Immunohematologic Mechanisms in Stroke

  • M. J. Fisher


Stroke investigators have made great progress in defining the neurochemical consequences of brain ischemia, as well as providing a scientific foundation for the medical and surgical therapies of secondary stroke prevention. Nevertheless, it is striking that relatively little is known of the initiating process of the clinical event constituting stroke. This process, lacking precise characterization, is typically referred to as ’hypoperfusion’ or ’embolization’. Current neurodiagnostic technology has blurred, rather than clarified, this distinction. An example of this phenomenon comes from the landmark North American Symptomatic Carotid Endarterectomy Trial, in which the efficacy of surgical removal of symptomatic carotid plaques appeared to be directly related to the degree of hemodynamic compromise produced by these lesions (NASCET Collaborators 1991). Yet angiography performed in the first hours after stroke commonly shows possible embolic occlusion distal to carotid stenosis (del Zoppo et al. 1992).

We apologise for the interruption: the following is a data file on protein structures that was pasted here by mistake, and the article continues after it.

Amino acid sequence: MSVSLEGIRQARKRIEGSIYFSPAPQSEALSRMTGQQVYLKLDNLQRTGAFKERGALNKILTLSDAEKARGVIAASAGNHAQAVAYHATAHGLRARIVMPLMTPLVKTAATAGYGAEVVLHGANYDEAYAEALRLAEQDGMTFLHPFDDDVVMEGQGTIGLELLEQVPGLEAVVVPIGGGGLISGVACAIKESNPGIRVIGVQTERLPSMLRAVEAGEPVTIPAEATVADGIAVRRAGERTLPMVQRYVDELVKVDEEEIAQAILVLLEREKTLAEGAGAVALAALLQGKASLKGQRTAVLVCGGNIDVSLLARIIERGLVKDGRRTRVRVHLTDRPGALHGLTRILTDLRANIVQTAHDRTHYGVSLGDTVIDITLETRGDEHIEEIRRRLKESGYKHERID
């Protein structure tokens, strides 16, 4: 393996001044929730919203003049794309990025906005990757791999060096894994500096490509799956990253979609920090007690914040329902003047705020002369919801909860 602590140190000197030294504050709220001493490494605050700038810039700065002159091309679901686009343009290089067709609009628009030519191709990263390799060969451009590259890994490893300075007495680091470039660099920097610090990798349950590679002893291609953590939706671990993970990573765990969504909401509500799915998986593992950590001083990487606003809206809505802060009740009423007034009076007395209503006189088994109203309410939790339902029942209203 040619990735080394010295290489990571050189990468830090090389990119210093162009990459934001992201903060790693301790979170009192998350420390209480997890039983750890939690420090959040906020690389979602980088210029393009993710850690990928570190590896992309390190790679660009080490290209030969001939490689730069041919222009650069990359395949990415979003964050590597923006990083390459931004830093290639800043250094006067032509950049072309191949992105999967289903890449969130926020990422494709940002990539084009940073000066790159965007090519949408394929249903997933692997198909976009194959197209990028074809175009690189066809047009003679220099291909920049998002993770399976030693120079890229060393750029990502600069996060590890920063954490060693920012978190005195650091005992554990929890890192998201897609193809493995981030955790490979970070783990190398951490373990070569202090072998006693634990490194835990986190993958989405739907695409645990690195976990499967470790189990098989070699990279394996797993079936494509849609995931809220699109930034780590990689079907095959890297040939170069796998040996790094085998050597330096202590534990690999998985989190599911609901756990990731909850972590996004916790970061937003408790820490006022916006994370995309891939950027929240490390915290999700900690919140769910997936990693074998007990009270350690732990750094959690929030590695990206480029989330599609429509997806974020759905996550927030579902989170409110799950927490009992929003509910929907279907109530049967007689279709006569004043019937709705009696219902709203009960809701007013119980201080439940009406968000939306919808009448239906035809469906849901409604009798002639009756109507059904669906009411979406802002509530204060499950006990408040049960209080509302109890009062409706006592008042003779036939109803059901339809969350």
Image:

Tissue Factor Carotid Stenosis Tissue Factor Expression Stroke Risk Factor Tissue Factor mRNA 
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© Springer-Verlag London Limited 1995

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  • M. J. Fisher

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